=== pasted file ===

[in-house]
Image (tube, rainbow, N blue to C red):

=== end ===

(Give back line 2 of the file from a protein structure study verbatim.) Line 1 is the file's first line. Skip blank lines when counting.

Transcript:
Image (tube, rainbow, N blue to C red):